See http://cle.ens-lyon.fr/anglais/the- works-of-william-hogarth-169448.kjsp?


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Hogarth bibliographer

 

Published in November 2010:

Bernd W. Krysmanski

Hogarth's Hidden Parts: Satiric Allusion, Erotic Wit, Blasphemous Bawdiness and Dark Humour in Eighteenth-Century English Art

Hildesheim, Zürich, New York: Georg Olms Verlag, 2010

ISBN 978-3-487-14471-9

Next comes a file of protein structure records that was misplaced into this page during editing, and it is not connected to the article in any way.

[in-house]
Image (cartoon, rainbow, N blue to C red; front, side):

This book questions the established view that William Hogarth (1697-1764) was chiefly a social moralist who charitably took care of foundling children and produced serialised pictorial satires for ethical guidance. In contrast the author, a recognised expert in the field of Hogarthian studies, reveals a different, a rather self-complacent, an opportunistic and hugely immoral English artist who disguised an unsavoury predilection for cruelty, malignity, wayward perversity and promiscuity hidden away from view behind a public mask of moral purpose. This other hidden Hogarth is here portrayed as being a rather jolly person though a spiteful joker; a carouser and debauchee who lived the life of a libertine to the full; an artist who mercilessly attacked his contemporaries while spending his time in obscene amusement with ladies of questionable virtue. Furthermore, it is argued, Hogarth may have had connections with the paedophilic subculture of eighteenth-century London. This other artist primarily dealt in sexual double entendre and suggestive detail tucked away in his works; indulged in dark humour; and produced, within his witty and extremely profane genre scenes, blasphemous motifs that satirically alluded to and disparaged "high" religious art and in doing so exposed the biased preference of art dealers and connoisseurs for Italianate Old Master works. It is little wonder therefore that there is evidence pointing to the fact that Hogarth the vicious, impious rake died untimely of syphilitic aortitis. As this book contains, in addition, many new and surprising findings on numerous canonical works—among them Gin Lane; The Four Stages of Cruelty; Industry and Idleness; Sigismunda; Boys Peeping at Nature; Before and After; Plate 2 of The Analysis of Beauty; Noon and Evening; Marriage A-la-Mode; A Rake’s Progress; Chairing the Members; Paul before Felix and its burlesqued version; Captain Lord George Graham in his Cabin; David Garrick and his Wife; The Cockpit; Transubstantiation Satirized; and Enthusiasm Delineated—it will change the way we think about the pictorial satirist Hogarth.